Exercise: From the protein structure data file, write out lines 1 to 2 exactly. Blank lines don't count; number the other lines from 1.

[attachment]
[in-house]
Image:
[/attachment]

[in-house]
Image: